Aim: To examine the history of diversification of 'blue' cardinalids (Cardinalidae) across North and South America. Location: North America (including Middle America) and South America. Methods: We collected 163 individuals of the 14 species of blue cardinalids and generated multilocus sequence data (3193 base pairs from one mitochondrial and three nuclear genes) to infer phylogeographical structure and reconstruct time-calibrated species trees. We then estimated the ancestral range at each divergence event and tested for temporal shifts in diversification rate. Results: Twenty-five lineages of blue cardinalids clustered into two major clades: one confined to North America, and a second concentrated in South America. Blue cardinalids probably originated in North America, but reconstructions were influenced by how migrant taxa were assigned to biogeographical regions. Most of the pre-Pleistocene divergences between extant taxa occurred in the North American clade, whereas most divergences in South America and adjacent Middle America occurred during the Pleistocene. Despite these differences, the rate of diversification for both clades has been similar and relatively constant over the past 10 million years, with little geographical exchange between North and South America outside the Panamanian isthmus region. Main conclusions: Our reconstruction of the diversification history of blue cardinalids indicates a role of both Neogene and Quaternary events in generating biotic diversity across North and South America. Although ancestral area reconstruction suggests a possible North American origin for blue cardinalids, the occurrence of seasonal migration in this group and their relatives limits inference. Our study highlights the importance of considering ecological and behavioural characteristics together with palaeogeological events in order to gain an understanding of the diversification history of widespread, mobile taxonomic groups.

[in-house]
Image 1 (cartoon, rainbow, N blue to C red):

All Science Journal Classification (ASJC) codes
- Ecology, Evolution, Behavior and Systematics